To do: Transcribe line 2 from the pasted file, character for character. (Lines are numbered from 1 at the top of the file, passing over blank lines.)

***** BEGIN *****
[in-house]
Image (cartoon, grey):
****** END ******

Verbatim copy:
Image (cartoon, grey):